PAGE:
In the first part of the twentieth century, with Jim Crow in full effect in southern states, before there was any pretense of the equal in “separate but equal,” it was up to African-American communities to take on the responsibility of educating their children. (In the North, there was a pretense.) A half-century earlier, custom and law prohibited teaching slaves to read and write. Taxpayer funding for segregated public schools in the South mostly went to white kids; white schools received more than five times the per-student funding as black schools. (In Mississippi the ratio was thirteen to one.) African-American citizens paid taxes, but were effectively barred from voting.
A black educator and a Jewish business entrepreneur joined together to do something about it.
Booker T. Washington was the driving force behind Tuskegee University in Alabama. Born a slave, Washington was an effective fund-raiser for his educational projects. He labeled his hands-on self-help methods “industrial education.” He thought that with help from northern philanthropists his approach could transform public education.
Julius Rosenwald was born to German-immigrant parents. After a clothing business ended in bankruptcy, he became a major supplier to the fledgling mail-order company, Sears, Roebuck. He invested in the growing enterprise and later became its president, and then chairman. Rosenwald also became noted for his philanthropy. His Jewish heritage made him especially attuned to racial discrimination. Booker T. Washington recruited Rosenwald to serve on Tuskegee’s board of directors.
The two men addressed primary education with the construction of six small schools in rural Alabama in 1913 and 1914. Rosenwald provided the funds, Tuskegee the oversight.
Julius Rosenwald established the Rosenwald Fund in 1917. Unlike other foundations set up to operate in perpetuity, Rosenwald’s was designed to spend all its money. Seventy-million dollars went to schools, colleges, museums, Jewish charities and black institutions until the Rosenwald Fund was depleted in 1948.
Washington and Rosenwald implemented their matching grant program for schools serving black children in the rural South. If the local community could scrape together funds and help with construction, and the local white school board would agree to operate the school, Rosenwald would contribute money necessary for the project. The Tuskegee Institute provided building plans. As many areas lacked electricity, the buildings incorporated large windows; plans varied according to the compass direction the structures faced. A Rosenwald Fund official later wrote, “not merely a series of schoolhouses, but … a community enterprise in cooperation between citizens and officials, white and colored.”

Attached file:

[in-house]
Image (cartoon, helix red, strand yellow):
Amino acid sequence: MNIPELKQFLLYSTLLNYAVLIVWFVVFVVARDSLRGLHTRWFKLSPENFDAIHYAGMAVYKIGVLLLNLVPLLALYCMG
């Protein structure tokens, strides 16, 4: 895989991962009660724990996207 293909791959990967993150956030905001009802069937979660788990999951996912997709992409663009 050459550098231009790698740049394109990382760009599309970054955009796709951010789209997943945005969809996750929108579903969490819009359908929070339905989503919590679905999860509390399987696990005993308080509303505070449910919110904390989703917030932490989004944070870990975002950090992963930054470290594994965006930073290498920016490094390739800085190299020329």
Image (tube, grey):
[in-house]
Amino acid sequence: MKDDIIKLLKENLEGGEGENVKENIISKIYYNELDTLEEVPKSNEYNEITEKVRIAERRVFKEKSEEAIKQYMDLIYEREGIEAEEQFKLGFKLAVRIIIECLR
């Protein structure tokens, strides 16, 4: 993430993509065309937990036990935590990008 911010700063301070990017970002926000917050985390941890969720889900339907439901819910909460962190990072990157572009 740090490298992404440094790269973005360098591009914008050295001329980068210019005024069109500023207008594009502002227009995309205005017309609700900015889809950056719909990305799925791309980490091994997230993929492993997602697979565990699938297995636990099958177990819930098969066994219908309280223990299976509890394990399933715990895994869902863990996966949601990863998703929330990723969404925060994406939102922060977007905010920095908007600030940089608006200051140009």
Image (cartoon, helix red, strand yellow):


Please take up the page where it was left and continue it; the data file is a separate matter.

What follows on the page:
The Washington-Rosenwald collaboration spent $4 million to build 4,977 schools, 217 teacher homes, and 163 shop buildings in 15 southern states. The Fund ended construction grants in 1932 but continued to provide fellowships to black scholars.
The official end to segregation in 1954, along with urbanization and other demographic changes, evolving styles of education and school-district consolidation effectively put an end to the program. Many of the buildings were abandoned and left to decay; others were demolished.
Of late, there have been efforts to preserve this heritage. In 2015 the National Trust for Historic Preservation classified the Rosenwald Schools as National Treasures. Julius Rosenwald and the Rosenwald Schools Act of 2019 was introduced into the House of Representative on June 13, 2019. It was referred to the House Committee on Natural Resources who twelve days later referred it to the Subcommittee on National Parks, Forests, and Public Lands. The subcommittee held a hearing on October 29, and that’s the last anyone has heard.